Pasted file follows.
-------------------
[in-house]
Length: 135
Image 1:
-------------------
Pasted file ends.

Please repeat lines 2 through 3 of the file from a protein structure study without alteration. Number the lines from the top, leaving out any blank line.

Length: 135
Image 1: